The idea of the U.S. purchasing Greenland has captured President Trump’s imagination, according to people familiar with the deliberations, who said Mr. Trump has, with varying degrees of seriousness, repeatedly expressed interest in buying the ice-covered autonomous Danish territory.
Despite how godawful most of Trump's ideas have been and how crazy it sounds at first glance, this really isn't a terrible idea. Greenland has immense value in both natural resources and geopolitical positioning. If Trump actually did manage to pull it off, this would genuinely be a huge accomplishment for his administration and it would likely become a serious asset for the nation in the future. Besides, it's not like this sort of purchase is unheard of in American history, and Trump also respected Denmark's denial about it.
The story is just so fucking random though, and as far as I can tell it just came completely out of the blue. Like, Trump just woke up one morning and asked himself "I wonder if I can buy Greenland?"
Geo-strategy wise, Greenland is a valuable piece of real estate (not to mention all those minerals and energy beneath the surface ripe for mining). Greenland also has the legal option to choose to be independent from Denmark, so the final say belongs to Greenland, not Denmark. Although I wonder if America would be willing to grease the wheels by offering every Greenlander a hundred thousand bucks to be annexed by America.
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It should be noted Denmark offered to sell it to the US first. They pay the tiny island $591 million a year for 50,000 people. This is not a crazy idea for the US to pick up Greenland as a territory. There is a mutual interest for a transfer of territory here, and I think we are dismissing it as crazy just because of the politician involved. This would have come up no matter who was in office. Denmark wants this off their books and wants to sell it. It would be dumb for the US to pass on it.
Yes, there are strategic reasons to maintain a military presence in the Arctic. But there really isn't any point to buying Greenland. Greenland is already a constituent country of the Kingdom of Denmark, and hence a NATO member-state.
Indeed, between the United States, Canada, Denmark and Norway, most of the arctic is already claimed by NATO member states.
This is such a Trump move. How about instead of trying to annex self-governing countries which are already our allies, America strengthens relationships with its allies, work through differences, and works together with said on common interests.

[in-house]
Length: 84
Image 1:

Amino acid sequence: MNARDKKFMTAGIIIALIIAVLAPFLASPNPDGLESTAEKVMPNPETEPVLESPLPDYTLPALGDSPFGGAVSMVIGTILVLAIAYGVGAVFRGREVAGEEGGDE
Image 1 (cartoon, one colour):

doing something like this supposed sale is about the only possible way trump would be remembered as a useful president in the history books, in 20 or 30 years or something. like any other president that is remembered for adding land.
and he clearly just knows nothing about the world or how it works to come up with this idea, because it is real obvious that the sale will not be made. 'I'm going to buy Greenland after I'm done messing with people on twitter!' is something an 11 year old would say.
WASHINGTON—President Trump made his name on the world’s most famous island. Now he wants to buy the world’s biggest.
The idea of the U.S. purchasing Greenland has captured the former real-estate developer’s imagination, according to people familiar with the discussion, who said Mr. Trump has, with varying degrees of seriousness, repeatedly expressed interest in buying the ice-covered autonomous Danish territory between the North Atlantic and Arctic oceans.
In meetings, at dinners and in passing conversations, Mr. Trump has asked advisers whether the U.S. can acquire Greenland, listened with interest when they discuss its abundant resources and geopolitical importance and, according to two of the people, has asked his White House counsel to look into the idea.
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Greenland Tells Trump: ‘We’re Open for Business, Not for Sale’
Some of his advisers have supported the concept, saying it would be a good economic play, two of the people said, while others dismissed it as a fleeting fascination that will never come to fruition. It is also unclear how the U.S. would go about acquiring Greenland even if the effort were serious.
With a population of about 56,000, Greenland is a self-ruling part of the Kingdom of Denmark, and while its government decides on most domestic matters, foreign and security policy is handled by Copenhagen. Mr. Trump is scheduled to make his first visit to Denmark early next month, although the visit is unrelated, these people said.
The White House and State Department didn’t respond to a request for comment. Officials with Denmark’s Royal House and the Danish embassy in Washington didn’t immediately respond to requests for comment.
Massive icebergs loom behind houses at the mouth of the Ilulissat Icefjord in early August near Ilulissat, Greenland.
Greenland’s Ministry of Foreign Affairs said Friday morning that the island wasn’t on the market.
“We’re open for business, not for sale,” the ministry said on Twitter while emphasizing Greenland’s natural resources and tourism potential.
U.S. officials view Greenland as important to American national-security interests. A decades-old defense treaty between Denmark and the U.S. gives the U.S. military virtually unlimited rights in Greenland at America’s northernmost base, Thule Air Base. Located 750 miles north of the Arctic Circle, it includes a radar station that is part of a U.S. ballistic missile early-warning system. The base is also used by the U.S. Air Force Space Command and the North American Aerospace Defense Command.